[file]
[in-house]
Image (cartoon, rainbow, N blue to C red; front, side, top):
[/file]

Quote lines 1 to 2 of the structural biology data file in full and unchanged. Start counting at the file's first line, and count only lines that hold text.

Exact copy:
[in-house]
Image (cartoon, rainbow, N blue to C red; front, side, top):